The controversy of whether LGBT students should even exist in the Anoka-Hennepin School District has roots extending as far back as 1992. And it seems that after multiple suicides of LGBT youth, a high-profile lawsuit by 6 bullied LGBT students, a takeover by the Departments of Justice and Eduction, conservative Christians are still trying to gain ground and root out all mentions of LGBT people from the classroom and anti-bullying policies.
On Monday night, that controversy continued with conservative Christian parents claiming that Matthew Shepard was a drug-dealer whose sexual orientation had no factor in his torture and murder, and that Harvey Milk was a sexual predator who approved of mass suicide. At the heart of the latest controversy is a set of recommendations by an anti-bullying task force — put into place by the Departments of Justice and Education — that came up with 5 recommendations for creating a safe school environment.
Those recommendations included: Increase messages of kindness in the Anoka-Hennepin community, provide comprehensive communication about safety and inclusiveness for all people in our schools, increase adult presence in unstructured common places in middle schools through the use of volunteer school ambassadors, and increase awareness and acknowledgement of the variety of family structures & characteristics.
But it was Recommendation 3 that has caused outrage amongst Anoka-Hennepin’s conservative Christians. That recommendation reads:
Recommendation 3: Honor and celebrate the contributions of diverse people and families in our community, country, and world, including the LGBT community. In an effort to affirm and celebrate the diversity represented by district students, families, and employees, the Task Force recommends Anoka-Hennepin Schools recognize, affirm, and assess specific LGBT activities including, but not limited to, continuing to support student-led Gay Straight Alliance clubs; hosting school-related family nights for our diverse populations, including LGBT families and LGBT students and their parents; and creating public displays honoring LGBT history month each October beginning in 2014.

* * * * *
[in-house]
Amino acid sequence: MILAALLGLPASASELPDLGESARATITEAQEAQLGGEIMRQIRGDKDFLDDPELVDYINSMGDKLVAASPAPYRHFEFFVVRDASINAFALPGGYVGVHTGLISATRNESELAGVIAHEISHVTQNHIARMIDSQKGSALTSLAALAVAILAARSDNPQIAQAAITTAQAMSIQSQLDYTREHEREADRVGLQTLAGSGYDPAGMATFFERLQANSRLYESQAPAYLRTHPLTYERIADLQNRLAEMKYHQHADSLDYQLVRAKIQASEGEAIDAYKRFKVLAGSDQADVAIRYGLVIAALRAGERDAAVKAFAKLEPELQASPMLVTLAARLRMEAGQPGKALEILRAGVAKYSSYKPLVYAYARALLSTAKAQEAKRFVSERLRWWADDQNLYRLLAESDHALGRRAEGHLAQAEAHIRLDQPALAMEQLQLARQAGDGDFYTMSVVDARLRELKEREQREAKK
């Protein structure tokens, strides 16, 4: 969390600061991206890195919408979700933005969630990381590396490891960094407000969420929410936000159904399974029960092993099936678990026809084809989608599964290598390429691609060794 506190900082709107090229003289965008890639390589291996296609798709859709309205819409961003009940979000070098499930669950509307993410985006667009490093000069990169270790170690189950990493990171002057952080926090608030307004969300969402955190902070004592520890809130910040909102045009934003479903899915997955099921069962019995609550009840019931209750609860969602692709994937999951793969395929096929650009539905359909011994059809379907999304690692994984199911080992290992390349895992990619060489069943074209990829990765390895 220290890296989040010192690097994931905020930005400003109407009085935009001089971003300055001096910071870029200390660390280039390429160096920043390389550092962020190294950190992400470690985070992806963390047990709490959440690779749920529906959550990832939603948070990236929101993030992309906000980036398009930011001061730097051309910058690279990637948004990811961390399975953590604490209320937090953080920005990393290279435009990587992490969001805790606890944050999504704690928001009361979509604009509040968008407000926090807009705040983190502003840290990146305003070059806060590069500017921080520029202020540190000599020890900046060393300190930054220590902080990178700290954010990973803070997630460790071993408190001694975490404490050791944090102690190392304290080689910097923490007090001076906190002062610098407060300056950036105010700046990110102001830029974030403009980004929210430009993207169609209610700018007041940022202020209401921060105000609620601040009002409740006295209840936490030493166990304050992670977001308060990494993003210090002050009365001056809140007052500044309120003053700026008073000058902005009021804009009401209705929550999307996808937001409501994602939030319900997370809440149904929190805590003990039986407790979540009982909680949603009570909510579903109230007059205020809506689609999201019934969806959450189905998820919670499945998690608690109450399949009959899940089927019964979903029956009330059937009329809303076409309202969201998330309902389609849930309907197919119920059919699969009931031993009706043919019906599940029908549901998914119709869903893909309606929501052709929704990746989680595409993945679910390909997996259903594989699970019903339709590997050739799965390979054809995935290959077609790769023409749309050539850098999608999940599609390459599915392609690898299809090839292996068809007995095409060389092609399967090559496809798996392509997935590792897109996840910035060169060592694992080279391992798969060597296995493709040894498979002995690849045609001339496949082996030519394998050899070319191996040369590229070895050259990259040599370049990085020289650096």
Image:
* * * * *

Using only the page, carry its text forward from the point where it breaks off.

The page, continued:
A testifier identified as “Dr. Luck,” said that “we will have to give an account to God some day,” over homosexuality.
“There is a difference of between affirming the worth of whatever family models may be present versus affirming and celebrating specific sexual behaviors. Affirming and celebrating specific sexual behaviors require making moral judgements for which we will give an account to God someday,” he said. “Recommendation 3 appears to be an immediate rush into a program designed to selectively celebrate the LGBT family model to affirm the personal worth of individuals but the school board should not feel obligated to make moral judgements on sexual orientation either for or against.”